This morning I was making idols. I know what you’re thinking, but it’s okay. After all, I am a professional. Of course I am being facetious. I was actually making idols, but they are not idols to be worshipped, they’re idols to be destroyed. In an upcoming presentation, I am going to be speaking on the topic of idols, specifically three idols that seem to be at the root of all other idols.
Think about the things we are willing to do in the name of these three idols. Think about the lengths that people have gone to and the crimes that people have committed in the name of having control. Think about how many people have done heinous things just to get attention, just to feel significant and comfort, well that’s at the root of so many things I couldn’t begin to count them. Sometimes I think we in the church are too caught up in sin. We can identify it, especially in others, and we are quick to point it out. Often though, individual sins are the symptoms of a greater disease. Idolatry is at the root of every sin and it has been this way since the garden.
God told our first parents they could eat anything they wanted except the fruit of one tree, the tree of the knowledge of good and evil. God’s basic concept was if you love me, stay away from that one tree. Love me more than that fruit. They chose fruit over God. The chose sin over God. Anything we choose over God is actually god in our lives. It’s an idol. Stated more simply, an idol is anything that comes between us and God.
This passage is among the strongest on the subject of idolatry. It shows us the futility of it. Isaiah 44
All who make idols are nothing,
and the things they treasure are worthless.
Those who would speak up for them are blind;
they are ignorant, to their own shame.
10 Who shapes a god and casts an idol,
which can profit nothing?
11 People who do that will be put to shame;
such craftsmen are only human beings.
Let them all come together and take their stand;
they will be brought down to terror and shame.
12 The blacksmith takes a tool
and works with it in the coals;
he shapes an idol with hammers,
he forges it with the might of his arm.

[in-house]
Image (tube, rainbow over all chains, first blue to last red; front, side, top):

He gets hungry and loses his strength;
he drinks no water and grows faint.
13 The carpenter measures with a line
and makes an outline with a marker;
he roughs it out with chisels
and marks it with compasses.
He shapes it in human form,
human form in all its glory,
that it may dwell in a shrine.
14 He cut down cedars,
or perhaps took a cypress or oak.
He let it grow among the trees of the forest,
or planted a pine, and the rain made it grow.
15 It is used as fuel for burning;
some of it he takes and warms himself,
he kindles a fire and bakes bread.
But he also fashions a god and worships it;
he makes an idol and bows down to it.
16 Half of the wood he burns in the fire;
over it he prepares his meal,
he roasts his meat and eats his fill.
He also warms himself and says,
“Ah! I am warm; I see the fire.”
17 From the rest he makes a god, his idol;
he bows down to it and worships.
He prays to it and says,
“Save me! You are my god!”
18 They know nothing, they understand nothing;
their eyes are plastered over so they cannot see,
and their minds closed so they cannot understand.
19 No one stops to think,
no one has the knowledge or understanding to say,
“Half of it I used for fuel;
I even baked bread over its coals,
I roasted meat and I ate.
Shall I make a detestable thing from what is left?
Shall I bow down to a block of wood?”
20 Such a person feeds on ashes; a deluded heart misleads him;
he cannot save himself, or say,
“Is not this thing in my right hand a lie?”
We dare not get too caught up in the idea that idolatry is bowing down in front of a statue. It can be that, but it is usually far more subtle. Usually it’s as simple as choosing sin over God.
How would you illustrate this point?